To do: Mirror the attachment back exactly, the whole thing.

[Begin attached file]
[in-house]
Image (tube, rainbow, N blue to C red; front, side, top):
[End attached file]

[in-house]
Image (tube, rainbow, N blue to C red; front, side, top):